The neck of my Guitar
Speaking with Art Garfunkel 04/08/2005 Chicago Suntimes

Q. Once and all, do you and Paul Simon get along ?

A. I fell for Paul Simon in the sixth grade. He was a live wire, the funniest guy. We became best friends. Smoked our first cigarettes together. Our mutual respect is more than you realize. Of course, there are times when we don't mesh, and there are times when we mesh extraordinary well.Taking the low road I suppose appeal to journalists more than taking the high road.

Q. Parting ways, you're saying you guys were pals ?

A. I think we were may less neurotic than the average person. It's quite natural to have a camaraderie and harmony and then follow it with seperate interests. That's very natural progresion, isn't it ?

Q. So, the recent Old Friends World Tour was a positive experience ?

A. When we get together, it's much sweeter than you know. The tour was spiritual -on stage and backstage. There was intense cooperation.It was shockingly full of love among muscians, among Paul and Artie. We had the same laughs, the same Lenny Bruce bits. The same sweetness of treating each other as a family.

Q. Simon and Garfunkel helped define an era in American pop culture. Who's defining us today ?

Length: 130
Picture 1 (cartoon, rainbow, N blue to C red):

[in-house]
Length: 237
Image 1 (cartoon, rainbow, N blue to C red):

A. That's really for kids to say isn't it ? Personnaly I would tend to lean toward John Mayer. There's something about his lyrics. They actually say something. They don't stain our consciences like the Beatles and Simon & Garfunkel may have done in the 1960s but they say something.

Q. What's the benefit of the down time from long tours like "Old Friends" ?

A. if you do a real long tour, you become a zombie. But if you don't, it's not a seamy life at all because I turn into a solo concert perfomer with a four-piece band. Life on the long road to me is room service and protecting your voice for the next show.

Q. What's your guilty pleasure ?

A. There's a motorcycle shop outside Nice, and I fly over now and then I jump on a bike and go up into the Alps for a journey.

Miriam Di Nunzio

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